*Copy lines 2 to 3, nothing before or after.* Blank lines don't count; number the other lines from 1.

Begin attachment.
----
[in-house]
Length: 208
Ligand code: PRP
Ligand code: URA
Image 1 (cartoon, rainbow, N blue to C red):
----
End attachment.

Length: 208
Ligand code: PRP